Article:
Archive for the ‘soapbox’ Category

Doors close, doors open

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Tonight I was turning on my phone after watching A Little Help at the Harvard Exit to tell a friend that it’s totally worth watching when I learned the sad news. As he said, he and I have been around for the whole time and what a time it’s been. I have truly enjoyed writing for this blog and all the great people I’ve met and experiences I’ve had because of it. Thank you to everyone who has participated in some way, whether you’ve been an author, a regular reader or even an occasional lurker. It really has been fun.

One of those things I’ve been meaning to do for a while is to get serious about keeping up my own blog, created when I realized that while nobody really cared all that much about my artistic portfolio (the trials of being mediocre in a city filled with the gifted), people do sometimes want to read the things I write. The loss of Metblogs is a gain for my output there. All of the things that I would normally post about here – film, theater, visual arts, civic events, restaurants, bars, concerts, sports, my ongoing issues with zombies, our wonderful city parks, I will now be posting to my own blog, Art by Zee.

I would love to have you all join me there. I will be continuing SIFF 2010 coverage there, including feature pieces on A Little Help‘s Jenna Fischer and Linas Phillips, the Seattle-native filmmaker whose BassAckwards is likely to be a SIFF-hit this year. There’s additional content beyond Seattle-related events, and, who knows, I may finally start posting about Seattle Back in the Day, an idea I’ve terrorized my fellow Seattle Metblogs authors with for years now.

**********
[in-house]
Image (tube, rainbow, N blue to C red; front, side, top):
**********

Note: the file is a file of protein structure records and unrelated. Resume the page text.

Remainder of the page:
Thanks to the Metblogs network for hosting this party for this long, and, thanks again to you, our readers.

dear seattle, start treating your mayors right

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photo by amit gupta [flickr].

Memo to Seattle bars, cafes, and restaurants. Foursquare, the enhanced successor to Dodgeball has turned going out into an even more fun game by awarding weekly leaderboard points, conferring achievement badges, and crowning “mayors” of a venue’s most frequent offenders. Along the way, users can share insider tips and post to-do lists to add a sense of play to their city explorations. In addition to adding a lightly competitive edge to your friendly neighborhood nightlife, it’s also a de facto way for fans to promote their favorite places among their circles their friends.

Forward-looking New York — and now now San Francisco (see above) — venues have stepped up to the plate and are treating their mayors and ardent fans to little perks just for dropping in. It’s time for Seattle’s finest to hop on this trend ASAP. We’re a tech-friendly city; so let’s be on the front end of this trend. In these troubled economic times, we need every possible excuse for going out.


(any local establishments already onboard? let us know! and ping foursquare while you’re at it. [via foursquare.tumblr.com] )

The decline of The Stranger